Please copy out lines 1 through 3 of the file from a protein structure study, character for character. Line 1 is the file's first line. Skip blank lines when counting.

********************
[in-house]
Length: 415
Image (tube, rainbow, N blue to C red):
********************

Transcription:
[in-house]
Length: 415
Image (tube, rainbow, N blue to C red):